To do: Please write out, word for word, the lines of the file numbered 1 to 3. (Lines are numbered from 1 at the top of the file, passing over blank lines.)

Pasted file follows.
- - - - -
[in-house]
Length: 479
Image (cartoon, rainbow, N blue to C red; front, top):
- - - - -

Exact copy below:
[in-house]
Length: 479
Image (cartoon, rainbow, N blue to C red; front, top):